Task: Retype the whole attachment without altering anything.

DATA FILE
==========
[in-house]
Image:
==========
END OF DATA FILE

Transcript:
[in-house]
Image: